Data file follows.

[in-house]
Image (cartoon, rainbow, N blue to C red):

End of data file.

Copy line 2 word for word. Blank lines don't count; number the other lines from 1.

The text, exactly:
Image (cartoon, rainbow, N blue to C red):